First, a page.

Around the continent, there has been a spate of upsets in elections. Africans are voting out incumbents. Senegal, Nigeria, Ghana, Liberia, Gambia. They all have ushered in new governments in the past few years. It was the turn of Sierra Leone last week, and true to custom, the similarities with events in other African countries is twin like.
As in The Gambia before it, the party of the incumbent complained of voter fraud and its dragging the matter to court. The new president has been sworn in, and curfew has been observed in many places, including Makeni and Magburaka.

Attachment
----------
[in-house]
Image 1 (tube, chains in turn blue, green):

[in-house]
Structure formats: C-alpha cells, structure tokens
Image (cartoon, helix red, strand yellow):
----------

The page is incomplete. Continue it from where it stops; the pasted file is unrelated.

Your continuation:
Police and civilians have all been treated of gunshot wounds, according to hospital sources. The Reuters correspondent in Freetown, Fofana described the transition laws in Sierra Leone as “chaotic and jungly.”
Gambians would recall, after the elections last year, when Yankuba Colley went to the American Embassy and other foreign bodies to report harassment of APRC supporters. The outgoing APC have asked to meet the new president, Mada Bio, on the attacks their supporters are enduring.
Africa, it seems, has more in common than differences.